The act of quoting a speaker is a difficult process. Often times, a brilliant observation can fall victim to a person's struggles to express himself clearly through the spoken word. It is why writers are charged not just with relaying what a subject says, but what he means, regardless of the manner in which the sentiment flows from his vocal chords. Imagine if everything you said was recorded and transcribed verbatim. You feel like Winston Churchill, but you sound like Elmer Fudd (Trust me - I listen to myself ask questions on tape).
It is the single most challenging task a writer faces: using a two-dimensional surface to capture a three-dimensional reality that includes body language, voice inflection, context and circumstance.
Every now and then, though, a speaker nails it. These are your Bill-Pullman-addressing-the-air-force-before-the-Alien-battle moments, when a John Williams composition plays through your head as you transfer the words from tape to paper.
Charlie Manuel delivered one of these moments today. And while it really does not fit anything that I am writing for tomorrow's paper, I feel compelled to share it here in the limitless space that is this blog.
Manuel was asked about the expectations facing his team, about the metaphorical target that rests on the Phillies backs.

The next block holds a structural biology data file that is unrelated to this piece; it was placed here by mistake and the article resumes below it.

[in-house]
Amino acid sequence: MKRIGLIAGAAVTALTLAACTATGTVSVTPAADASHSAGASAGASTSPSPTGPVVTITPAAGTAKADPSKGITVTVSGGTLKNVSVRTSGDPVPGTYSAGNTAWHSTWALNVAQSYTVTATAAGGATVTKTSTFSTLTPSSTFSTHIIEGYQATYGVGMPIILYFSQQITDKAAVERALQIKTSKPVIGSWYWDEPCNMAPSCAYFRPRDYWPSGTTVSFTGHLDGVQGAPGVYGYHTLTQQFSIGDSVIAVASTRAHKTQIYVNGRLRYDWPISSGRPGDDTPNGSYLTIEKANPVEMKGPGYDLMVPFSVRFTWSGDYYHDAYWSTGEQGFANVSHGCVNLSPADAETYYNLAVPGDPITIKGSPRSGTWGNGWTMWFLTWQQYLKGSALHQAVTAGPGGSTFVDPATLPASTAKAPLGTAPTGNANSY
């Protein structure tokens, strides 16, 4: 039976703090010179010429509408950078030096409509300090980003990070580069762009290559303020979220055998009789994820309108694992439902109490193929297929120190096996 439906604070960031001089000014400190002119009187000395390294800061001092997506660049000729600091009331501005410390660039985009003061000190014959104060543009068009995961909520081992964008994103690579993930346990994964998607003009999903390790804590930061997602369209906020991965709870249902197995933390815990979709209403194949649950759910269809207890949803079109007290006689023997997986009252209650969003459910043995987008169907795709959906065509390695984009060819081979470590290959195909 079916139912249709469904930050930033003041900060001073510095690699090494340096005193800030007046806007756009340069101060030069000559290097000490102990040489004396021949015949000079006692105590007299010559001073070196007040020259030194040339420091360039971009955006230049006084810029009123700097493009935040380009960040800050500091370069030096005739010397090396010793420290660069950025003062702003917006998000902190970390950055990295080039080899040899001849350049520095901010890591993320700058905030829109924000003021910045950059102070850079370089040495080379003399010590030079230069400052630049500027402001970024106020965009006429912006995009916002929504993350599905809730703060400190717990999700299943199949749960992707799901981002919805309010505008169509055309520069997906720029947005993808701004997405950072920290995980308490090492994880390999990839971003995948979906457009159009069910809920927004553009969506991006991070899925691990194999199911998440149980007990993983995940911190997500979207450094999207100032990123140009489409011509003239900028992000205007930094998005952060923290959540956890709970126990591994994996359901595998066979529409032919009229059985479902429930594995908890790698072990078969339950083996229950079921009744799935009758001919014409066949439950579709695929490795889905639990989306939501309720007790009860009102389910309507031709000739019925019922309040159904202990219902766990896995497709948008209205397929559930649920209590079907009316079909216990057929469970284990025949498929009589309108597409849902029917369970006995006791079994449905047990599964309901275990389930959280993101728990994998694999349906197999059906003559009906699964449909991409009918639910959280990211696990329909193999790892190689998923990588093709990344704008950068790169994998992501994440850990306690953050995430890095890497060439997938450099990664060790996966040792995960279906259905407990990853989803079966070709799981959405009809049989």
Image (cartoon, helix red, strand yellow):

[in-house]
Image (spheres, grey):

Here is what he said:
Sometimes people forget how hard it is to win. Sometimes they forget everything about it. I'm talking about fans, media, organizational people, players, managers, coaches. The other day I was just sitting there thinking about winning. Winning is hard. The Yankees won 27 World Series. How long have they been in existence? 128 years. That means over 100 years they lost. The Chicago Cubs haven't won a pennant in how long? 103 years? The Atlanta Braves won all those division titles and they won one World Series. Winning is tough. Winning is hard. And you've got to stay at it. When people say they are competitive, well that's what we get back to: excellence over success -- you go out and try to master your trade and you play hard every day and you play every day in the moment.
I've heard people say when they get to the World Series or a big game or a playoff game that we've got to go play in the moment. No, the moment is every day. 162 games is the moment. It's like Ted Williams said: every at-bat is an adventure. Well everytime we take the field has to be an adventure then, doesn't it? That's kind of how I look at it. . .Winning is something that you have to stay at.
Winning is team. It's we. It's us. It's playing together. But mostly, in our case, it's playing just like we always have.
Kick the tires and light the fires!